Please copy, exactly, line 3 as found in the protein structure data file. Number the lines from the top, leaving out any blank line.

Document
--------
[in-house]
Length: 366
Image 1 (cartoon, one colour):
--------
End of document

Image 1 (cartoon, one colour):